VPNs are not the solution to a policy problem

The US House of Representatives just voted to eliminate the FCC ISP privacy rules. If you are interested in a further reading about the details of said rules, this article is a good place to get started.

As Americans begin to accept this new reality, the discourse shifts to what we can do to workaround this particular issue. Yes, VPNs are a workaround at best, and a shitty one at that.

Let me explain.

Do you trust your VPN provider?

You have just moved your ‘net traffic’s exit point to a VPN provider (this may be a managed VPN provider or a standalone OpenVPN instance on your favourite VPS service.

Have you read your provider’s privacy policy? Do they have a legal team? Are they using simple Pre-Shared Keys? Is your provider encrypting traffic at all?

Yes, that last one happens. A research paper (PDF) found that 18 percent of Android VPN apps they analyzed didn’t encrypt traffic at all. If you are interested in a further explanation of that paper, read this.

If you are technically inclined, you may say, “well I know how to configure OpenVPN so I am fine”, which brings me to my next point.

Scalability and Friction

While you may be able to configure OpenVPN on a VPS, the vast majority of people are not able to. The vast majority of people have no interest in learning the intricacies of configuring a VPN, nor should they have to.

The VPN workaround doesn’t scale, there are two possible solutions here. One could use a potentially shitty VPN provider with a false sense of security that may be worse than just passing traffic through your home ISP as normal. Or one could learn how to configure something like OpenVPN to route all our router’s internet bound traffic through your VPS provider*.

*: Not Netflix because they don’t like VPNs.

The second solution only works for a small minority that has a working knowledge of systems and network administration.

We need a different hammer or maybe multiple ones

As a technically minded person myself, it can be tempting to wave the wand of a technical solution to a problem caused by policy or in this case a lack thereof.

We must remember that said solution(s) are maybe temporary workarounds at best and a false sense of security at worst.

As a Canadian, my knowledge of the US political system is fairly minimal but as I understand the House of Representatives and the Senate are up for re-election in 2018. If your representative is one of those that voted to repeal the privacy rules: do not let up the pressure on them.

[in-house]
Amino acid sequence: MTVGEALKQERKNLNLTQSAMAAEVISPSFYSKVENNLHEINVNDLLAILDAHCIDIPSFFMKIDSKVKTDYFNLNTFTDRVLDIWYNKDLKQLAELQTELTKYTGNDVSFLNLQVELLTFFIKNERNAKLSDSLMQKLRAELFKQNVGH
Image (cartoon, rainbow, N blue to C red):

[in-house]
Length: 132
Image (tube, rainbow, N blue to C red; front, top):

First Impressions: J. Cole’s 4 Your Eyez Only

4 Your Eyes Only album cover

J. Cole has done it again. I think this one is going to be another platinum with no features.

Favourite tracks

  • Immortal – Hard hitting track about our mortality. Favourite lines:
    Nowadays crime pays like a part time job
    And the drought got me prayin’ for a car time vibe
  • Deja Vu – That “Exchange” beat is fantastic and works really well .
  • Change – Continuing the theme of mortality and death. I love the Ari Lennox bits in the bridge.
  • 4 Your Eyez Only – A nine minute, 4 verse monster with a theme akin to 2Pac’s Letter 2 My Unborn and Words 2 My First Born. This one almost made me cry.

She’s Mine (both Pt. 1 & 2) both get a shout out as well. Deeply personal tracks about his wife and daughter.


If you are looking at the track list right now and comparing it to my favourite lists up there, it is basically the entire album. If you are a hip-hop head, this is probably Christmas coming early.

Yeah, I really like this album. I’m on my third listen as I type this.

2016 has been a really good year for music, damn.

A quick shout out to The Outline

On Monday, Joshua Topolsky’s latest project The Outline launched and I would just like to congratulate them on their launch.

I recommend reading the post I linked to see what it is all about but I will just say that if you are into reading excellent stories from some very talented people, you definitely want to check them out.

Also, you should be subscribing to Leah Finnegan’s The Outline newsletter; this week is about killing your idols.


In Memoriam: Jon Portnoy (avenj)

Occasionally folks come into large IRC channels and ask some variant of “anybody alive?”. Sometimes I would reply, “No, we are all ghosts in the shell”.

Today, I logged onto IRC and found out that we did indeed have a ghost in our midst.

Jon “avenj” Portnoy is the type of dude on IRC who always says “hey” back no matter the time. Sometimes I thought the dude never slept. An avid Perl programmer he made me see beauty in a language where I only saw gibberish. #otw will never be the same again but I hope the rest of us can keep the spirit of it alive.

In his memory, I have made a donation to The Perl Foundation. If you wish to do so as well, you can do so from here.

Rest in peace, friend.